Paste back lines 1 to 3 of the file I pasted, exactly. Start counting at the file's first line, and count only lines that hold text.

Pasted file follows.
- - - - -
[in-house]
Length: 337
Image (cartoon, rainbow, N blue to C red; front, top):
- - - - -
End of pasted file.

[in-house]
Length: 337
Image (cartoon, rainbow, N blue to C red; front, top):